You could (theoretically) fill your thermal energy pod using solar energy that might be available at your location, or wind energy if you have some, or electric energy from the utility to achieve the storage amount you need for your energy budget.

(th)

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#60 2022-12-27 09:55:25

SpaceNut
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Re: Geothermal and Geothermal Battery (Changed Title 12/21/23)

outdoors boilers can also be made use of to create that thermal pool in the summer as well for use later, continuing to so during the winter months to keep reserves up. Since tank size matters for this we need to calculate how much energy is required for the winter months and at what temperature source is required to produce the heat within the home.
Hot water boilers rise temperatures for either high use heat exchanger or for baseboard direct use.

Continuing with air heat inside using a woodstove here is a stove pipe that does the heat exchange recapture. Of which you can doe fluid capture as well.

https://youtu.be/iGZWx0gwRCo

https://altheatsupply.com/resources/con … r-furnace/

That means the inner core boiler, this temperature is going to remain at 175 degrees, and that's okay. That's what exactly what a boiler should be running, or 180. But most of the outdoor boilers are running at 80.

https://www.mcallisterenergy.com/boiler-temperature/

Pump flow is based on the rooms rise in temperature without a fan is radiant but there are units that would require warmer fluids to make use of a fan to make that rise happen.

Then again, I have a 2-zone issue where the basement is the highest heating loss to contend with as well. Adding insulation inside and out would lower that problem once winter is over and funds are available.

Loans are not possible at this point but possibly self-loan out of a 401K could be if I plan to work that much longer.

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#61 2022-12-27 10:50:39

tahanson43206
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Re: Geothermal and Geothermal Battery (Changed Title 12/21/23)

For SpaceNut re #60

it is fun / encouraging to see you taking up the challenge of creating an energy budget concept that might work in the Real Universe.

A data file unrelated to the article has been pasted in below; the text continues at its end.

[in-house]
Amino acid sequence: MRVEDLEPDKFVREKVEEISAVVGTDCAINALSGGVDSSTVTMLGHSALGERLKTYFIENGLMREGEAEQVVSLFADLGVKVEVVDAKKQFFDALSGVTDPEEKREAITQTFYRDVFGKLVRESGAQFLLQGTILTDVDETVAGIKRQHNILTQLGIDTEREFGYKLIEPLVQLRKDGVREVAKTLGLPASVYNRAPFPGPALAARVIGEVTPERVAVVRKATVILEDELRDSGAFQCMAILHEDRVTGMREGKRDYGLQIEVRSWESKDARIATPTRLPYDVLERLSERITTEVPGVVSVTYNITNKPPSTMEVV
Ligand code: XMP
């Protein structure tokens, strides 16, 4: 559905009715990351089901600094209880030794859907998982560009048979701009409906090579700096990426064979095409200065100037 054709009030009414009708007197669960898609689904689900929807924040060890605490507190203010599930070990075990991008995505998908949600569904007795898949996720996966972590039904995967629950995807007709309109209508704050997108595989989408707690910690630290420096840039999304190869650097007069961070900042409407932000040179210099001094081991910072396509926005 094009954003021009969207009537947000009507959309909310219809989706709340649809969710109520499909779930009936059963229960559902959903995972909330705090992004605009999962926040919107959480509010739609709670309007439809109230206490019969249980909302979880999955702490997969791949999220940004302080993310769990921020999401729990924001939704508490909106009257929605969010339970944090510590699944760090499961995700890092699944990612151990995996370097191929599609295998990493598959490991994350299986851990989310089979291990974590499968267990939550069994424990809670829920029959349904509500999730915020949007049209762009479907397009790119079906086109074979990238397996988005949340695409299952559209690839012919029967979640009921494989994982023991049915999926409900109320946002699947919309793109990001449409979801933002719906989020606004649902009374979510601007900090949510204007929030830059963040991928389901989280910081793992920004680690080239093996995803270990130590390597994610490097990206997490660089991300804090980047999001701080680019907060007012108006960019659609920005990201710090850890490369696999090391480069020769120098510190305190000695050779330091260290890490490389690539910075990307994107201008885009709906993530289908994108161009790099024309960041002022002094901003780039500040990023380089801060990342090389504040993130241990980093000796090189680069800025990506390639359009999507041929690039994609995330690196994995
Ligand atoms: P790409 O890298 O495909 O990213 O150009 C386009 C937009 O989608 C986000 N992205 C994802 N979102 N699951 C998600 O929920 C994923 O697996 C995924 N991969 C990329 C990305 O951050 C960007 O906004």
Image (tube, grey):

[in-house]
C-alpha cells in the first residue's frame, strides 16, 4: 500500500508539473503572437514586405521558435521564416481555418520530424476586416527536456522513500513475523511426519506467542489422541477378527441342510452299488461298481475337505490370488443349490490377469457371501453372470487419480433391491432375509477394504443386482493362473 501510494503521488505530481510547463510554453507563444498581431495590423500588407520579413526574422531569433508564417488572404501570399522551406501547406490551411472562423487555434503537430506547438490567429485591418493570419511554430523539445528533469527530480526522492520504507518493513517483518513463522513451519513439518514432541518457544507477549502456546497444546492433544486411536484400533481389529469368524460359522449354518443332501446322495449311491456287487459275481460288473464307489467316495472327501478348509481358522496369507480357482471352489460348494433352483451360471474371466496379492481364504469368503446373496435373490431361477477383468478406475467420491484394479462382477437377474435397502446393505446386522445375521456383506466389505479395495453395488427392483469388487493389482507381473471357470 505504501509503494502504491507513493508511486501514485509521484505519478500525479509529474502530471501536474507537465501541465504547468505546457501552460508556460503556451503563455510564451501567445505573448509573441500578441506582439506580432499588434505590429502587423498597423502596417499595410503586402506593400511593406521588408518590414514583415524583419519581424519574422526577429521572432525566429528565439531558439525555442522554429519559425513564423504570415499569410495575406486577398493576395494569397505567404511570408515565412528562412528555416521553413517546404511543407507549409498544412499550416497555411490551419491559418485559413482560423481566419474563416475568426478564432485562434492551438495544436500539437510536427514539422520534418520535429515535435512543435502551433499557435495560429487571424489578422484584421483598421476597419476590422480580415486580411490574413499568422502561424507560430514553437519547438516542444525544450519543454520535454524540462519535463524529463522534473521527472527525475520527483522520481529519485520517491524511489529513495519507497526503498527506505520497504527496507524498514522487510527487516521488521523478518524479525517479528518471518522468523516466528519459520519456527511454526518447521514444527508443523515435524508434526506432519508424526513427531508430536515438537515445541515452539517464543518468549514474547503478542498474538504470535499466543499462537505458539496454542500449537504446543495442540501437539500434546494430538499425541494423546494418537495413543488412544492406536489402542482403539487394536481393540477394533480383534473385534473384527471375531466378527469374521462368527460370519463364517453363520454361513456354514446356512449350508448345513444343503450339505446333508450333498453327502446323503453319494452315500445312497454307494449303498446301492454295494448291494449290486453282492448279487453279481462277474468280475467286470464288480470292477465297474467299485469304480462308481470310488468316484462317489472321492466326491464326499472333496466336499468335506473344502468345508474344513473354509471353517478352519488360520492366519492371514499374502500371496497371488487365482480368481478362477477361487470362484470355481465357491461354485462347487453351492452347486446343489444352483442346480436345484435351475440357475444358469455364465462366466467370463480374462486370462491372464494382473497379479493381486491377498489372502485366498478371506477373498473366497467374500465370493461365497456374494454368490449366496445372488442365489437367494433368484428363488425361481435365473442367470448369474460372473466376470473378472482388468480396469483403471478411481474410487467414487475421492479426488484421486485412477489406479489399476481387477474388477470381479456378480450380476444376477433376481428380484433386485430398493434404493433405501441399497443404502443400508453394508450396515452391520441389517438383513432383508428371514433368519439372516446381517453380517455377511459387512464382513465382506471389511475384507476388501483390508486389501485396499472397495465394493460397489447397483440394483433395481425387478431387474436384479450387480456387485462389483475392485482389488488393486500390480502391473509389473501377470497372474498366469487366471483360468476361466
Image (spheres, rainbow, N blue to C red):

The ideal would be an energy store that operates without outside input for a period of time, such as a winter.

At present, all around the world, folks are dealing with winter by consuming energy supplied from outside, and those who are dependent upon certain countries are suffering.

Your initiative here offers the hope of a solution that might be implemented in the United States (for sure) but in other Nations as well.

There are two parallel paths that this topic of Void's might follow going forward ...

The first (which everyone can help to advance) is to keep watch for articles about similar projects anywhere in the world.

the second (which you have already indicated might be a possibility) is to perform the calculations needed.

Elsewhere in the forum, there are posts about a curious material that exists in a natural form, that is able to store thermal energy for extended periods of time.  My recollection is that this material is found in nature, but it may be rare.

A duplicate material that might be made by industrial processes could (presumably) take the place of the natural material, with investment of some energy.  As Calliban keeps reminding us, all useful items contain embedded energy.

This (hypothetical) thermal energy storage material would contain both embedded and stored energy.

A useful figure that you might be able to provide is an accurate estimate of the amount of energy needed to heat the house you have now to 70 degrees.  The amount of energy needed depends (of course) on the outside temperature, so measurements need to be taken over a period of time, with three values in their respective columns:

Inside temperature (eg 70 degrees Fahrenheit) Outside temperature, and energy flow to maintain 70 degrees

The easiest way (that I can think of) is to employ electric radiators inside the home, to create the desired 70 degrees.

The reason this approach is helpful is that the exact flow of electricity can be measured and documented by a combination of a suitable measuring device, and a computer logging machine, so you have a data set to work with.

If you run this system for a winter, you would end up with an exact measure of the amount of thermal energy you need to store in your (hypothetical) thermal energy cache.

Your example would be replicable, and you could (again theoretically) obtain income by building, selling, installing and servicing such systems.

Your natural allies would be furnace vendors around the country, because regardless of the source of energy, the furnace providers will be needed to help to maintain the systems.

Even major corporations like Carrier are potential allies in an enterprise along these lines.

Since no such industry exists today, there is (obviously) a market opportunity for an entrepreneur.

if you think only of yourself, you will end up spending money.

If you think of others and how they could benefit from your invention, they you could end up with sustained income in your retirement years.

(th)

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#62 2022-12-27 18:55:09

SpaceNut
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Re: Geothermal and Geothermal Battery (Changed Title 12/21/23)